Pharmacist of all trades

Distinguished Professor Gregory Peterson FPS

Distinguished Professor Gregory Peterson FPS has co-owned two pharmacies, been a hospital pharmacist and advised Sigma Pharmaceuticals. Now it’s teaching, research and other varied roles.

How did you come to lead state and national projects aimed at improving the use of medicines and patient outcomes in community, hospital and aged care sectors?

This was a natural progression in my career. I started out as an undergraduate pharmacy student at a school that pioneered clinical pharmacy education, which allowed me to spend time in general medical practices, aged care settings, and community and hospital pharmacies.

I then attended nursing home ward rounds and wrote therapeutic bulletins for GPs while an intern pharmacist. After that I worked as a community and hospital pharmacist in low socioeconomic areas of Hobart and Melbourne where medicine-related issues were very prevalent.

I’ve also been fortunate to keep practising in community pharmacy throughout my academic career, which is critically important for learning about real-world experiences of consumers and seeing what needs tackling through research to improve outcomes from medicine use.

What sort of person excels in the role you’ve carved out?

Someone with an equally short attention span, who rapidly gets bored doing one activity and craves variety, and likes to be in the underdog’s corner.

What’s the biggest challenge you face?

The biggest challenge is balancing – somewhat successfully – a multitude of roles and activities ranging from laboratory-based and clinical research through to practice as a community pharmacist, consulting, writing, and being a board director of community organisations that are pivotal to health care delivery in Tasmania.

What’s most satisfying about your work?

Apart from the variety, being lucky enough to be in a position to directly help others, whether that be students, fellow academics and pharmacists, patients or the public through ongoing roles in teaching, research, pharmacy practice, consultancy and board director positions.

Any fulfilling experiences you’ve recently experienced?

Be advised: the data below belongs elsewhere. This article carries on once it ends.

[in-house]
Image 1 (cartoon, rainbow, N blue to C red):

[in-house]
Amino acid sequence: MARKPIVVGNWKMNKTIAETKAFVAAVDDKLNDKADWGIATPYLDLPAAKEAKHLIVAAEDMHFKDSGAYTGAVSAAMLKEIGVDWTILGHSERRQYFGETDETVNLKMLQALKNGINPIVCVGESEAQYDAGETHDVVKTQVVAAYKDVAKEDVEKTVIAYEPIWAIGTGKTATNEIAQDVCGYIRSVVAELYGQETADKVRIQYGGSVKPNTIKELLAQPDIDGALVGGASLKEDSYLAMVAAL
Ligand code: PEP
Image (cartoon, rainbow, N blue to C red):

The most fulfilling and motivating aspect I regularly see in our pharmacy, located in a suburb of predominantly older residents, is the many elderly people – some who have
reached 100 years of age – who are such positive role models in society.

They’re modest and unassuming, they remain active and engaged, and they appreciate assistance when managing their medicines.

What do you wish you’d known before embarking on your career?

I was probably naïve in assuming everyone in the profession was focused on improving public health outcomes, when instead there is self-interest and greed at both an individual and organisational level.

That has, unfortunately, stymied the advancement of pharmacy practice in this country compared with some others. For example, the routine presence of pharmacists working in general practice and aged care settings as part of a team, with associated prescribing privileges in a collaborative model, should have occurred many years ago.

Any other interesting insights?

Ending on a positive note, I think that the self-interest that has held back the profession for so long is now being diluted through pressure from many quarters, including an army of low-paid yet highly skilled pharmacy graduates, continued trimming of Pharmaceutical Benefits Scheme dispensing costs, the Commonwealth, consumers, the impact of the Royal commission into Aged Care Quality and Safety, and Quality Use of Medicines (QUM) and medicines safety becoming the 10th National Health Priority Area.

It’s a great time to enter the profession for those committed to helping society.

A TYPICAL DAY for Distinguished Professor Gregory Peterson


Teaching, student meetings, manuscript work

  • Teaching pharmacy or paramedicine students
  • Meetings with UTas PhD students to provide feedback on their work and plan next steps
  • Writing and refining research manuscripts


Meetings, lesson preparation, research, writing

  • State and Commonwealth committee meetings, including for Primary Health Tasmania, Cancer Council, and the Alcohol, Tobacco and other Drugs Council of Tasmania.
  • Preparing lectures
  • Research planning meetings
  • Some time for writing, if lucky


Usually 30 minutes of high-intensity work on the treadmill or exercise bike.


Reviewing, writing, reading

  • Reviewing PhD student material (UTas and University of Canberra) and assessing and editing submitted journal manuscripts
  • Writing and refining research manuscripts, editorials/opinion pieces or CPD lectures
  • Reading board papers, including those of Primary Health Tasmania, Cancer Council, and the Alcohol, Tobacco and other Drugs Council of Tasmania
  • Undertaking personal CPD work
  • Working on consultancies, such as medicolegal cases involving potential medicines harm.


Working as a community pharmacist

  • Helping patients, often elderly, in managing their medicines

Further resources

Want to find out more about different career pathways for pharmacists? Visit